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HUMN 341 Q1-WW Assignment 2-1: Culture & Society InteractionsPresentation Transcript
HUMN 341 Q1-WW Assignment 2-1: Culture & Society Interactions1980-Present: Music (Rock) Presented by Jordan Johnson July 31, 2010
A decade is often defined by its music. Nowhere is that more true than in the timeframe between 1980 an the present. Each decade saw its own musical styles and fashions While each decade saw a diverse cornucopia of musical styles, every decade was distinctly unique from the next.
The 80’s The 1980s was a decade of revolutionary changes on the music scene. The two major developments were the advent of MTV and the compact disc. Music became more diverse, with new wave, heavy metal, rap, techno pop, alternative rock and the "new" country sounds. Music became a huge marketing tool as filmmakers, TV producers and manufacturers of everything from sneakers to soft drinks used hit songs and hot performers to sell their products.
MTV MTV was called "illustrated radio" and a "subliminal fashion show" by its detractors, who complained that it elevated image over music. Daryl Hall, of the pop duo Hall and Oates, said that "the visual has begun to overpower the music." But music videos revived an industry that was in decline in 1979, when revenues plunged 10% in a single year. Video dance clubs sprang up everywhere. Radio played a wider variety of music.
Hair Metal 80s hair bands ruled the airwaves. Managing to somehow combine gallons of Aquanet, pounds of purple eye shadow and undeniable masculinity, 80s hair bands turned music on its head when it appeared. Popular Bands included: -Guns-N-Roses -Poison -Bon Jovi The music, which emanated from the center of the hair band universe – Los Angeles-combined elements of glam and metal, but added a touch of pure pop. Although they didn’t invent them, hair bands also get a lot of the credit for a now largely defunct style of song: the power ballad. Power ballads are love songs with an edge – the quintessential raise-your-lighter-at-the-show songs.
Punk Rock Though punk rock's first wave was a strictly '70s phenomenon, the form most certainly bled into the '80s, primarily on America's West Coast, where scores of bands forged a more concentrated, speedy and aggressive form of punk called hardcore. Many bands used punk as an inspiration to create their own unique post-punk blends. Popular Punk Bands: -The Misfits -Sex Pistols -Bad Religion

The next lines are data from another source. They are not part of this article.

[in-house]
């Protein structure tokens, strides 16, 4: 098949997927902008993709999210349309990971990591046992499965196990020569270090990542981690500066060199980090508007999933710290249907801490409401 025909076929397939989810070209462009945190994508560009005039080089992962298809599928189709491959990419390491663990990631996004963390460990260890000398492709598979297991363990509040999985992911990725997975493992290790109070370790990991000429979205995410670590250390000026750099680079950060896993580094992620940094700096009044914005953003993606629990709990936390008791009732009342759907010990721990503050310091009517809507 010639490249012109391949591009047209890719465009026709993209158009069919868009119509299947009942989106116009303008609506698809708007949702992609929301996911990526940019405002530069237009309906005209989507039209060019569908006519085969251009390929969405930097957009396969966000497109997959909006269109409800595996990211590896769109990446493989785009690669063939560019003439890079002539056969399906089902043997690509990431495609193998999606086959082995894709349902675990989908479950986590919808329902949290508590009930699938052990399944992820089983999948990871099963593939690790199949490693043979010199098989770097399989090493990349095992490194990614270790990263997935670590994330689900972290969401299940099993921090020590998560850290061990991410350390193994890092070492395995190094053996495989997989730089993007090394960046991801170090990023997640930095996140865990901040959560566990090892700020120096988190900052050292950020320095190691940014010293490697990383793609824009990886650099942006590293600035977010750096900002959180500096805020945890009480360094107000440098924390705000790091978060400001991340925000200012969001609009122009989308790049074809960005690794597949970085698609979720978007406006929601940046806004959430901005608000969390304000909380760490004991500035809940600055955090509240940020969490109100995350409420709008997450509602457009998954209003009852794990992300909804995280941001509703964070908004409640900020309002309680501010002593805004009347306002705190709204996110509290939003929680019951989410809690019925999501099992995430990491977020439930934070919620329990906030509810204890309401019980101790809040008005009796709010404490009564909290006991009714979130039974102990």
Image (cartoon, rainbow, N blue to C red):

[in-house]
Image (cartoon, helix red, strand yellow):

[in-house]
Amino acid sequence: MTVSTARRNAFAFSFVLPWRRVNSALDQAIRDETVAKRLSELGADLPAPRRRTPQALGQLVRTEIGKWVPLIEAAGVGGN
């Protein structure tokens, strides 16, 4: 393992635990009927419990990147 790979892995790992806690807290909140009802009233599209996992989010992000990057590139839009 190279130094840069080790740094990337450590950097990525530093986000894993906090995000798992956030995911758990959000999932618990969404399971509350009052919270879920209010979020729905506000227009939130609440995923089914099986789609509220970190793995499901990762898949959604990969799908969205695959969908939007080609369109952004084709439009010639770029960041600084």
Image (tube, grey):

The 90’s The reign of hair bands and the fun-loving times of the 80’s were destroyed as the 90’s ushered in a new form of music: grunge. Hip-hop and Rap which had formed its roots in the 80’s soon gained extreme popularity as Gangster Rap took to the airwaves
Grunge Grunge became commercially successful in the first half of the 1990s, due mainly to the release of Nirvana's Nevermind and Pearl Jam's Ten. The success of these bands boosted the popularity of alternative rock and made grunge the most popular form of hard rock music at the time. The “Seattle” Sound Popular Grunge Bands: -Nirvana -Alice in Chains -Soundgarden -Pearl Jam
Hip-Hop/Rap The roots of hip hop are found in African-American music and ultimately African music. Hip hop arose during the 1970s when block parties became increasingly popular in New York City, particularly in the Bronx, where African American and Puerto Rican influences combined. The “Golden Age” of Hip-Hop and Rap coalesced around the beginning of the 90’s Popular Hip-Hop/Rap Artists -MC Hammer -Dr. Dre & Snoop Dog -Tupac -Vanilla Ice
2000-Present Day The 2000’s saw a shift in musical preferences from the hardcore musical scene of the 90’s. The preferred musical style of the decade had a decidedly more poppy feel than previous decades. Bands such as N’Sync and Britney Spears dominated the musical landscape
Teen Pop and Boy Bands Artists like Christina Aguilera and Jessica Simpson found large audiences in the 2000’s Boy Bands like Backstreet Boys and N’Sync enjoyed enormous popularity Despite huge commercial success, the lifespan of the “Teen Pop” and “Boy Band” era was short-lived
Conclusion Music towards the end of the 2000’s had seen a substantive decline. Many bands and artists were seen as lacking creativity and copying previous work. As music transitioned its format to digital, the record industry was reeling from losses in CD sales as MP3’s became the format of choice. The music scene of today is very different from that of just 20 years ago. Artists focus on singles instead of albums and music as a whole has lost its creative fire.